The latest episode of Wait, What? focuses on the use of drone technology and artificial intelligence. The first part of the show discusses the different uses of drones, covering the commercial uses of drone technology, including its benefits and drawbacks. The discussion also touches on the privacy implications of drone deliveries and drone use overall. The second part of the show delves into artificial intelligence and the fears around the potential implications associated with the emergence of progressively “smarter” computers.
Lastly, and most importantly, the team discusses the morality of Superman who, according to Jason, could be the worst comic superhero ever. For some reason, he really doesn’t like Superman. Tune in to find out why! (more…)
Thomson Reuters kicked off the 2015 TechVision interactive seminar series (videos below) with Michael Schrage, author of The Innovator’s Hypothesis and Research Fellow at the Center for Digital Business at MIT Sloan School of Management. James Powell, CTO Thomson Reuters hosted the lively and provocative conversation about innovation.
Schrage says not to ask “what is the best way to innovate,” but “how can organizations get the maximum value from their innovation investments.” “Innovation is not a goal, it is a means to an end.” He emphasizes that the better an organization is at turning novelty into innovation, the more value it creates. Michael’s 5×5 methodology is based on testable business hypothesis that are rapid experiments toward high value innovation.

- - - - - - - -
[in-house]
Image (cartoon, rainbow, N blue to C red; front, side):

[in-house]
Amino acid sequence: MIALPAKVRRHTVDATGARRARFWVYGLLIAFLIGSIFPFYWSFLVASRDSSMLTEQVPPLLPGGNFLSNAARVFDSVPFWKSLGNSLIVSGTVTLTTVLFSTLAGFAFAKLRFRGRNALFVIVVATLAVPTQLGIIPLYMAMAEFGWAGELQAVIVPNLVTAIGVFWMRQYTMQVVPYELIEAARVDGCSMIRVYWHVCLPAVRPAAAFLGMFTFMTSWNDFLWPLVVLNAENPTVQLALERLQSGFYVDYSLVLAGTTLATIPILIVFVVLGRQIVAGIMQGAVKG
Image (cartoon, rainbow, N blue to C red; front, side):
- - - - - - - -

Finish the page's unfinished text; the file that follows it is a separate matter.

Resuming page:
Innovation, in practice, is predominately an investment in human capital. As the cycle and investment in innovation experiments increases, customers and clients are measurably transforming as well.
On a closing note, Michael encouraged folks to stop rewarding good ideas and start rewarding testable hypothesis.
By Melissa Boatwright, Director, Internal Communications, Thomson Reuters
I’m a technology groupie. I have romantic notions about the lifestyle of a technologist. Staying up all night, in front of a collection of giant monitors, all showing a seemingly random series of numbers, letters and characters, and yet simultaneously interpreting it all, because I’m a coding genius, just changing the world one HDFS at a time.